Computational textiles—textile artifacts that contain embedded computers or are computationally generated—can capture youths’ pre-existing interests in new media, fashion, and design while supporting learning and creativity in computer science, arts, design, and engineering fields. Computational textiles are part of a small but growing and lively body of research investigating innovative ways to blend computation with traditional crafts (Eisenberg, 2005, 2002; Buechley et al., 2006). We believe that computational textiles have several features that make them especially compelling to young people in our target age group, namely teenagers and “tweens” (10-13 year olds). Fashion plays a vital role in the lives of many, but particularly in the lives of youth, who are discovering and defining their identities, identities that are publicly announced through their clothes and accessories (Moje, 2000; Sefton-Green & Reiss, 1999). Electronic devices—mobile phones for example—are increasingly significant fashion accessories, functioning as status symbols both through their monetary value and their ability to advertise social connections (Jenkins et al., 2006).

What is the LilyPad Arduino? 

diagramThe LilyPad Arduino kit enables novice engineers and designers to embed electronic hardware into textiles (Buechley, 2006a; Buechley et al., 2008; Buechley & Eisenberg, 2008). The LilyPad Arduino kit (Figure 2) is a set of sewable electronic components, including a programmable microcontroller and an assortment of sensors and actuators that allows users to build their own soft wearable computers. Users sew LilyPad modules together with conductive thread. To define the behavior of constructions, users employ the popular Arduino development environment, enabling them to program the LilyPad microcontroller to manage sensor and output modules employed in their designs (Joliffe, 2006; Arduino, web-2008). The LilyPad was released as a commercial product in October 2007 (SparkFun, web-2008). Since then it has been widely adopted by designers and engineers of all ages from around the world. It is now sold in several countries and it has been employed in a number of universities in computer science, engineering, art and design courses.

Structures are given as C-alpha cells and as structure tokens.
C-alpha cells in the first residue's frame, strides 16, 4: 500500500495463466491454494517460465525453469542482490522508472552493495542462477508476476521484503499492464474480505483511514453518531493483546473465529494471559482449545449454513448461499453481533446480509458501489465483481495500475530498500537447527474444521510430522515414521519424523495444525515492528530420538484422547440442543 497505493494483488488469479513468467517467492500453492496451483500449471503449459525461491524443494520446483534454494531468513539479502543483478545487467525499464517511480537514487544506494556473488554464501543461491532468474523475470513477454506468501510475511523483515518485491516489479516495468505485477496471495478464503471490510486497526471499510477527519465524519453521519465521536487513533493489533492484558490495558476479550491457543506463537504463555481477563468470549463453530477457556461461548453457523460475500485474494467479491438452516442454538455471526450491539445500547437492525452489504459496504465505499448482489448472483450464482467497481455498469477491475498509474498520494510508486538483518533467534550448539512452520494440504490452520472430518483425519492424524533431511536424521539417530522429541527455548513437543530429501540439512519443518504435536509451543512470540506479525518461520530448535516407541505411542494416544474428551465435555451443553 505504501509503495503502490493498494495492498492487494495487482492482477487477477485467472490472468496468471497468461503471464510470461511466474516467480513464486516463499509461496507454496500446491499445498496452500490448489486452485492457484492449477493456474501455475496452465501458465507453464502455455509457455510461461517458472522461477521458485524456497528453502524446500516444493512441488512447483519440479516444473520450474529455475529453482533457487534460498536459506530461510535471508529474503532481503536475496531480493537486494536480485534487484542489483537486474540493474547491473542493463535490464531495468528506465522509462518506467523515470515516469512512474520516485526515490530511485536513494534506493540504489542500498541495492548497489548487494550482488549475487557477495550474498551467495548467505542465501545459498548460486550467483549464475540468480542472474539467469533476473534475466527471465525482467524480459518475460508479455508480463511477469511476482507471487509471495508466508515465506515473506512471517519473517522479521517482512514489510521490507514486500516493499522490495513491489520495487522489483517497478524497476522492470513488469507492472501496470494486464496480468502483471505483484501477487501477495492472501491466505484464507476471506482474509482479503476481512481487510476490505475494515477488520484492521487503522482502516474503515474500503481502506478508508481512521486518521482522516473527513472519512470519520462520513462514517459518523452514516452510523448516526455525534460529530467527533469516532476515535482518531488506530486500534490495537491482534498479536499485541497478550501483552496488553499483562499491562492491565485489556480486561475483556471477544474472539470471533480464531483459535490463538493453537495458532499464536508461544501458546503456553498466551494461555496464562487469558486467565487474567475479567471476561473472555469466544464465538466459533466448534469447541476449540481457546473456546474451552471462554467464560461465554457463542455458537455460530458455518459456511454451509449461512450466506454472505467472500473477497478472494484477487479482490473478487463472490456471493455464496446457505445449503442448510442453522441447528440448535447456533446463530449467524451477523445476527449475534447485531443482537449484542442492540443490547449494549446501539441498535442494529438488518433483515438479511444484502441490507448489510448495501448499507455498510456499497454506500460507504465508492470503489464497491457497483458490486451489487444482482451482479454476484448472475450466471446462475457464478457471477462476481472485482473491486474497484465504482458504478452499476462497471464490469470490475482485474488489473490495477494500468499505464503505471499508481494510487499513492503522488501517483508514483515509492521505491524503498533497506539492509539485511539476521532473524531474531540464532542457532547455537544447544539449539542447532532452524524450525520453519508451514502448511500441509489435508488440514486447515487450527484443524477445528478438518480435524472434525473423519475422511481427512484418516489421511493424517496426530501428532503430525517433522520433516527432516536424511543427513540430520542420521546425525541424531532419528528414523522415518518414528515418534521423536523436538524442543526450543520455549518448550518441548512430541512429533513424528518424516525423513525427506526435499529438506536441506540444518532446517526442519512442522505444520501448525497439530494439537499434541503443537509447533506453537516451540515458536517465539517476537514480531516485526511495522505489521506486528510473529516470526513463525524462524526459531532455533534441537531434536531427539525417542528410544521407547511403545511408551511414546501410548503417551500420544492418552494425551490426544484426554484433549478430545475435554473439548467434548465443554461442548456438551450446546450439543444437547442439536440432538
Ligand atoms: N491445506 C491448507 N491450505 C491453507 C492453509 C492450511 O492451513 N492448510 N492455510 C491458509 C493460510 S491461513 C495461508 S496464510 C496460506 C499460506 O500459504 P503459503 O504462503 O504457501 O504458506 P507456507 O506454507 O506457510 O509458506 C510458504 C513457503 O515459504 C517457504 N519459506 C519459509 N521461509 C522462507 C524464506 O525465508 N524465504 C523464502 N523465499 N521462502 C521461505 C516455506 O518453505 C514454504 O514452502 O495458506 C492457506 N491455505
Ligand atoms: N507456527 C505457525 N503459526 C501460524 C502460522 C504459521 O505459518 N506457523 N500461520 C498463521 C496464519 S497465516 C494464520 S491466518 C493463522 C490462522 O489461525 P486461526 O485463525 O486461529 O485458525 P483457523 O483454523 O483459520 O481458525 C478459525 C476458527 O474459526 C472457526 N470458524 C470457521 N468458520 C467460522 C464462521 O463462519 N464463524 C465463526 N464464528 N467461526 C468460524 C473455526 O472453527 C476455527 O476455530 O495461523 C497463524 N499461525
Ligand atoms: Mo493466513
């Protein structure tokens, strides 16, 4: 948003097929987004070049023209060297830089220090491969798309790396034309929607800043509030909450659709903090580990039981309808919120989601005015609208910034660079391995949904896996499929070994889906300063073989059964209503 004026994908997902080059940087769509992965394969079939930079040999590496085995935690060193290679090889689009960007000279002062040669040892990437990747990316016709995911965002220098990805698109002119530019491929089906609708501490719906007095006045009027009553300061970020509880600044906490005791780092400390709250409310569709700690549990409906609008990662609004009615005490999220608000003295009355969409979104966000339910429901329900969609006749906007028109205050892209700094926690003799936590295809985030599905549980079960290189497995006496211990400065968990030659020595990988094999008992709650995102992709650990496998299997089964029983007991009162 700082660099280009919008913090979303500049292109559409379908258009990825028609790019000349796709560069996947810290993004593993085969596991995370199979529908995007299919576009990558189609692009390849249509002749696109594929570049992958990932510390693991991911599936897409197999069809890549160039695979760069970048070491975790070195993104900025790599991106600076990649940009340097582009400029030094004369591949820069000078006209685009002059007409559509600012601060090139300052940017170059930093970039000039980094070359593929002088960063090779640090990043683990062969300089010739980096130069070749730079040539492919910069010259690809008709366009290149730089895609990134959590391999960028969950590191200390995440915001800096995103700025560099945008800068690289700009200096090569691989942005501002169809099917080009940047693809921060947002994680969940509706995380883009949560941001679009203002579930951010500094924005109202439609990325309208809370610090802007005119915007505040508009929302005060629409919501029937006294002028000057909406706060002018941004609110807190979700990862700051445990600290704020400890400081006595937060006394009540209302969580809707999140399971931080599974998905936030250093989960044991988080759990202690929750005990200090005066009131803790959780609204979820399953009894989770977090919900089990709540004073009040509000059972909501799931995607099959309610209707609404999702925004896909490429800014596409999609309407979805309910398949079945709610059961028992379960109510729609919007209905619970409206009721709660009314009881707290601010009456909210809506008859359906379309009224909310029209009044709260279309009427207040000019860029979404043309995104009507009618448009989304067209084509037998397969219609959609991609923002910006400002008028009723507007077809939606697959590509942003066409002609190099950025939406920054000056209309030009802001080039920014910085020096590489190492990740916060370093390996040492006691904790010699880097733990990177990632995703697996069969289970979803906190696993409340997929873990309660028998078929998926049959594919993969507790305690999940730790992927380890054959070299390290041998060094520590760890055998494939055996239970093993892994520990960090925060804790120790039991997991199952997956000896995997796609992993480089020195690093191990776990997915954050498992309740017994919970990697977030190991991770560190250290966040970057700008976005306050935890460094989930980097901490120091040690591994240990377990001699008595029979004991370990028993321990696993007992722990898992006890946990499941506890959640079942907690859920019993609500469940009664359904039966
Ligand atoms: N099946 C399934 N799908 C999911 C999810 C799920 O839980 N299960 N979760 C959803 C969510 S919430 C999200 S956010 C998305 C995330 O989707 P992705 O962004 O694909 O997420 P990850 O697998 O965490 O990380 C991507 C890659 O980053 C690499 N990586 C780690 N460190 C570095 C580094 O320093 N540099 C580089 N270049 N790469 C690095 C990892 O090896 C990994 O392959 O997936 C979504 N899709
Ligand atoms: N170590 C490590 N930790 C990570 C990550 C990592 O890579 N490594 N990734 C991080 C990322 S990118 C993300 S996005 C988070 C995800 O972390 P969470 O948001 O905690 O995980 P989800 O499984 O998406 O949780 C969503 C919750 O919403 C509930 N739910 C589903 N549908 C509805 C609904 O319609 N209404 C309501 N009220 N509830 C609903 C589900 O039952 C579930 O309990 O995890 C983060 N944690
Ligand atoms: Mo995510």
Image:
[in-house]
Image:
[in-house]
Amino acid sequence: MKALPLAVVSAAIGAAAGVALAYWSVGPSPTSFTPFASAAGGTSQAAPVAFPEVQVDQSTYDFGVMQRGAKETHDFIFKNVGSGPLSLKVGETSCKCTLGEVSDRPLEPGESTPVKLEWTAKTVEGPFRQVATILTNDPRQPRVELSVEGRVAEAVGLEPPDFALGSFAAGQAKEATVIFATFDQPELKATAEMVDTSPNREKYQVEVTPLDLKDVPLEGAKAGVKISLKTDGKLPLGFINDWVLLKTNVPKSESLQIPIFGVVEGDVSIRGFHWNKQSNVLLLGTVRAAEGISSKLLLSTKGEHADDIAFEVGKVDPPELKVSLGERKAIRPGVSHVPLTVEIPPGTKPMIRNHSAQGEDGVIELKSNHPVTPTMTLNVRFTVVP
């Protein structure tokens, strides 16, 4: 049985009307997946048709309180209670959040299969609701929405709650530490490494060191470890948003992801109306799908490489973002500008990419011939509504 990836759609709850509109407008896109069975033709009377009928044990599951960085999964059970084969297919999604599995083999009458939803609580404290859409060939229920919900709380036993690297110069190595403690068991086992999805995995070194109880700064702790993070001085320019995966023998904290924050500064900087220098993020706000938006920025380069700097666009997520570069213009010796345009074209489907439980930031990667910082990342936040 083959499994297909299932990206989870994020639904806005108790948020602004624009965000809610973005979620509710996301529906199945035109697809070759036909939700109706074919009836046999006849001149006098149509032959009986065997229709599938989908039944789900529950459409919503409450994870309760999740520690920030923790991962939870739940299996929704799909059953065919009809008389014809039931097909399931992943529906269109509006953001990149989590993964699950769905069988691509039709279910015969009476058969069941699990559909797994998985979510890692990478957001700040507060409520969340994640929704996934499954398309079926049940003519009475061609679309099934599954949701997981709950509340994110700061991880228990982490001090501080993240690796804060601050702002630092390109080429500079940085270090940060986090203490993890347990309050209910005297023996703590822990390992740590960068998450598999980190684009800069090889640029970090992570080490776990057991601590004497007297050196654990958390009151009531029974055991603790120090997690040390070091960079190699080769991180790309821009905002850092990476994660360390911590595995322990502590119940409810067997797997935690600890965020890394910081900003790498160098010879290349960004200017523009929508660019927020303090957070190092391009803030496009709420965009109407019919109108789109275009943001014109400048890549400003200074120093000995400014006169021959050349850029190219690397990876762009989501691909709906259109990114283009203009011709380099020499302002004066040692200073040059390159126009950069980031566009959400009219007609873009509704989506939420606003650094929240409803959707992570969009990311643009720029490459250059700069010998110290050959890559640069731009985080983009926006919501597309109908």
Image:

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  • @ 01/31/11 15:07 EST on Page: BeeSim: Participatory Simulation Application - Reply - Flag(0)

    Using computational textiles to offer a first person
    perspective of a complex system is a really interesting idea.  It appears that the use of this technology
    allows further insight into the capacity of young children to think complexly,
    while simultaneously affirms Vygotsky’s notion of ZPD.  From this example, there seems to be a link
    between one’s perspective or position within an activity system, and the rate